There is no glossing it over or prettifying this life.
We all, one way or another, “leave the party” too soon.
Holy Week. Here’s what you can bet on:
Take up the cross, so to speak, of your human existence and you can count on be your heart being broken; you can count of your dreams being dashed; you can count on your best intentions being ignored or, worse, misunderstood.
But count on this as well:
You are not alone.
I find this sort of “incongruity” a quiet witness to the truth of the faith. The human-ness of Jesus is so utterly perfect that He can grieve perfectly the loss of his dear friend, be angry about it…and still be Lord, God, Savior. He doesn’t have to offer explanations as to why evil exists. In tears and tenderness He weeps at every tomb.
So, how does this affect you and me in the here and now?
Easter is often offered to us in a sanitized, neutered version. Complete with bonnets, new dresses, colored eggs and bunnies. Nature rejoices. There’s a lot to be said and celebrated about the energy of love within the life force.
Still, I think, we are lulled into missing the point
Easter, as the Bible tells it, is the grittiest of Church remembrances. The events of Holy week are a crystallization and distillation of all that can “go wrong” within our lives.
Holy Week’s pages are filled with boasters who say they’ll follow a friend even unto death. And then don’t.
Holy Week’s pages are peppered with feckless and conniving “climbers” who will sell a friend out just to save their own ass and possibly get ahead.
Easter’s sad pages are also filled with folks of good heart;
who nod in agreement at the most astonishing words ever spoken to humankind. Just like we do every Sunday morning.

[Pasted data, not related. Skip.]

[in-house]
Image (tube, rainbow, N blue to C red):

Easter week is filled with good-hearted-nodding-in- agreement-“I’ll-never-sell-you-short, Jesus,” people who cut and run at the first sign of confrontation or challenge.
We do it all the time. We’ve made it an art form.
One of Easter week’s many lessons is: Be not deceived. We are not made of such stern stuff. And because of that, Jesus wept, as well.
He has reason to weep. He is weeping still. Weeping at all of the vain glories we chase after. Weeping at the 2 bit, cheap idols we “buy” and cling to. Weeping at all the betrayals we’ll no doubt tally up as we live out our days. Weeping at the war machines we create in the name of concepts that annihilate life. Weeping at the harsh words, judgements and criticisms we thoughtlessly cut each other to pieces with, often in the name of religion.
Weeping at the love & kindness we withhold. Weeping at all that is lost, never born, never realized.
He weeps at every tomb, even now, I suspect. I suspect, in some way, He is even weeping at our own tombs we will one day enter.
Because you are never alone.
Limitless in His mercy, grace and consolation, tears are one of those thing, He seems to never run out of.
You will hear his voice, just as Lazarus did.
You’ll shake off the shroud of death and perhaps, with stumbling steps, move towards that Voice. And, falling into His arms, you will recognize it as the voice of Tenderness & Love Itself.
And you may find some of His blessed tears on your new suit of clothes.